On their scorching second album, this power duo don't sound any less fucked off with the state of the world as they did last time round. The roared lyrics to the first song, 'Dead Air', are full of black skies, lost yesterdays, oppressive buildings and the imminent apocalypse. It doesn't get much more cheerful thereafter. With its concrete-crunching riffs and frenetic drumwork, it is certainly a cathartic experience. One that might momentarily ease the pain and frustration of existing at the same time as Esther McVey, Geert Wilders and I'm A Celebrity Get Me Far Righter Here.

Prison – Upstate
(Drag City)

Prison are one of those bands. You know the sort. "Oh, you like Oneida, do you? But do you know of People Of The North? Yeah, I quite liked Sonic Youth. What I really dig, though, is Thurston Moore's avant rock duo Caught On Tape, with John Moloney from Sunburned Hand Of The Man." Henceforth, if anyone mentions their fondness for Endless Boogie, you can now stretch your muso muscles by informing them thus: "Well, have you heard Upstate by Prison? Paul 'Top Dollar' Major is a member of that band too and to a certain extent they plough a similar shamelessly indulgent jam-band furrow to the 'Boogie. In many ways they are its looser, skronkier, more discordant and murkier cousin, however. Now would you like to see my collection of No-Neck Blues Band side-project CD-Rs?"

Silver Apples & Makoto Kawabata – Mirage

Mirage is a fitting tribute to Simeon Coxe of Silver Apples who passed away before the album could be released. It's a collaboration with Makoto Kawabata of Acid Mothers Temple on which the duo manage to do more with just four songs than many bands manage with their entire sorry repertoires. Together they journey from floaty space-rock territory, through rougher axe skronk and ambient poetics, to the final Martian lullaby. Rest well, sir.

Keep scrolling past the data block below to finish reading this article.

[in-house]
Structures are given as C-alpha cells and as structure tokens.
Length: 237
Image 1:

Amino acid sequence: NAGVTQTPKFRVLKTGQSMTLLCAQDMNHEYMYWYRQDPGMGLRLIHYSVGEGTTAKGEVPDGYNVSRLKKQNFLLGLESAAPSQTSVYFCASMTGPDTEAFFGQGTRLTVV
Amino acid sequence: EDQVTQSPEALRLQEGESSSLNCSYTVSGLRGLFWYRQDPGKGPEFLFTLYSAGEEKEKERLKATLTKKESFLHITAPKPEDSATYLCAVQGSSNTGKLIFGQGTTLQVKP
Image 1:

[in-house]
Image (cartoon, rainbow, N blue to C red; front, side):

Skull Practitioners – Negative Stars
(In The Red)

The best power trio since eggs, beans and streaky bacon, Skull Practitioners don't have a huge back-catalogue but due to their locked-in nature it is clear they've been playing together for some time. They have a post-hardcore sensibility with psychedelic tendencies which has resulted in a varied LP without losing overall cohesion. Muscular rages such as 'What Now' find their foil in longer and spindly existential meditations like 'Intruder'. There is a Stooges groove to some of the tracks, with trippy textures laid on top, while a few of the instrumental passages conjure up a goths-go-surfing holiday for three.

Upper Wilds – Jupiter
(Thrill Jockey)

Working in a similar vein to Mary Anne's Polar Rig (above), Upper Wilds treat noise and melody as equal partners in a deliciously spicy whole. Anthemic from its opening moments, fourth album Jupiter is another fine showcase of the band's immaculate post-Hüsker Dü powers. The combined distortion pedals have been set to the optimum conditions. The lyrics resemble a collection of short stories. And the record has more hooks than a tackle shop. One song is about the 79-year-old marriage of the Ecuadorian couple Julio Mora and Waldramina Quinteros. Here's hoping Upper Wilds, and the planet Earth, stick around for even longer.

Electric Wizards: A Tapestry of Heavy Music, 1968 to the Present by JR Moores is published by Reaktion Books. We're told it makes an excellent Christmas gift for, among other loved ones, "cool Uncles" in particular.